Then Jesus said, “Come to me, all of you who are weary and carry heavy burdens, and I will give you rest.” [Matthew 11:28 (NLT)]
Don’t be afraid, for I am with you. Don’t be discouraged, for I am your God. I will strengthen you and help you. I will hold you up with my victorious right hand. [Isaiah 41:10 (NLT)]
Are we weak and heavy-laden, cumbered with a load of care? Precious Savior, still our refuge — take it to the Lord in prayer. [“What a Friend We Have in Jesus” by Joseph Scriven]
Because of my foot surgery, I was stuck in an air boot (and “air” definitely does not mean “light as air”) for five weeks. Weighing just a little over three pounds, it felt more like thirty by the end of each day. Wearing a cumbersome boot that never quite matched the height of any of my shoes took its toll on me. Eventually, my foot didn’t hurt as much as did my knee, hip, and back from hobbling along in my heavy unmatched footwear. Carrying extra loads of anger, resentment, worry, heartache, guilt, or regret can weigh us down in much the same way that boot affected my body and gait. Instead of walking with confidence and strength, we limp along in fear, discomfort and doubt. The difference, of course, is that there was purpose to my burdensome boot but there is no purpose in being saddled with emotional baggage. Jesus asks us to give Him our burdens; with Him in our lives, we don’t have to carry any extra weight in our hearts.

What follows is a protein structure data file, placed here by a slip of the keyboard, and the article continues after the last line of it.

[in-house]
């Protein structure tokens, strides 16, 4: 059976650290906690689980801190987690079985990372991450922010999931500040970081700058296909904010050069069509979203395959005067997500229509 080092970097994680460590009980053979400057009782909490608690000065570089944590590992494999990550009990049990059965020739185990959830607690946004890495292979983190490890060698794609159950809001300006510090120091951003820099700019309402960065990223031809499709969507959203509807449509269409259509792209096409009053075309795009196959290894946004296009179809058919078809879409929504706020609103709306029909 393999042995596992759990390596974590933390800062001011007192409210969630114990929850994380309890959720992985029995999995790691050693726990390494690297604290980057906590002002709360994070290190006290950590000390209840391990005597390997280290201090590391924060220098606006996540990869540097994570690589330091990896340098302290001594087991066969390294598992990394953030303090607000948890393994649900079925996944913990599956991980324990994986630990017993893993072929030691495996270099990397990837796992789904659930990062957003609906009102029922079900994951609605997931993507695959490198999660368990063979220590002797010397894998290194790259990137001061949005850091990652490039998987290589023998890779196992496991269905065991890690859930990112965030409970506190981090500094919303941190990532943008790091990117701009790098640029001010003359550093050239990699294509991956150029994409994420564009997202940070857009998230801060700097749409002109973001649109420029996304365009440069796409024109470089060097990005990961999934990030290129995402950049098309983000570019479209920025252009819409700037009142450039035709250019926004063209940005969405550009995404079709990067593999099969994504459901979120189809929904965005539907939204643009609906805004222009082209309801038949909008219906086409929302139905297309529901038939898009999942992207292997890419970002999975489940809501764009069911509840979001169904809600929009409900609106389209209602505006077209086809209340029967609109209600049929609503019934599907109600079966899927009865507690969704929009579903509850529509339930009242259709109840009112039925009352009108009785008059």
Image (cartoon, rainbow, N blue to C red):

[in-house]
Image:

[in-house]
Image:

Now that I’m out of the boot, my toes, foot, ankle and leg are sore. In spite of doing physical therapy during recovery, my muscles got weak and tight from lack of use and it’s taking time and effort to regain my strength and flexibility. Nevertheless, I go walking, increasing the distance incrementally each time, and it becomes a little easier every day. Healing of both body and soul takes patience, effort, and time.
Like other muscles, our hearts weaken when we don’t exercise them. Our capacity to give and forgive, to love and share, to be compassionate and understanding can atrophy from lack of use. Maybe that’s what happened to the Grinch’s heart when it became “two sizes too small.” Fortunately, like the Grinch, we can strengthen and expand those shriveled parts of our hearts. It requires prayer and effort and probably won’t happen overnight. That first bit of forgiveness given after a long stretch of blame probably will be a struggle, a show of generosity after a period of stinginess could hurt a little, a gesture of compassion after a bout of indifference might cause discomfort, and the hand of friendship may not extend easily if it hasn’t been stretched out recently. Take heart; it gets easier the more we do it. And, even better than a physical therapist, we have the Holy Spirit to strengthen and empower us.
O Holy Spirit, descend plentifully into my heart. Enlighten the dark corners of this neglected dwelling and scatter there Thy cheerful beams. [St. Augustine]